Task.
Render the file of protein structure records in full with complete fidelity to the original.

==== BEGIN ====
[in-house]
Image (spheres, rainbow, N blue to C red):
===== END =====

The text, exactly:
[in-house]
Image (spheres, rainbow, N blue to C red):